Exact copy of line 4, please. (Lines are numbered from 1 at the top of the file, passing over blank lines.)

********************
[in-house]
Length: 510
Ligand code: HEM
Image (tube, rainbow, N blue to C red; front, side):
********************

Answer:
Image (tube, rainbow, N blue to C red; front, side):